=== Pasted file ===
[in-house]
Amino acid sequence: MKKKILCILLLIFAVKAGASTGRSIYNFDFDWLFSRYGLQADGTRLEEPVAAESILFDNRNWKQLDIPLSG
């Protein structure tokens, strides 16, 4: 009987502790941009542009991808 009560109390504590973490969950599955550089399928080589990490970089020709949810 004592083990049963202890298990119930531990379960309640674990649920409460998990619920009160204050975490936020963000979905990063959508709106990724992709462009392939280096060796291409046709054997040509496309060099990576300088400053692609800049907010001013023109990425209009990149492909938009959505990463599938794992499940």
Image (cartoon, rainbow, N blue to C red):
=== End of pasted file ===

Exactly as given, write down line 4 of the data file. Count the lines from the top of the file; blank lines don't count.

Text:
Image (cartoon, rainbow, N blue to C red):